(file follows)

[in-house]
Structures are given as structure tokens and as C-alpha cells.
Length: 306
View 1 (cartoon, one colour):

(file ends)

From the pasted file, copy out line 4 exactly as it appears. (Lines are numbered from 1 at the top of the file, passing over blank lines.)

View 1 (cartoon, one colour):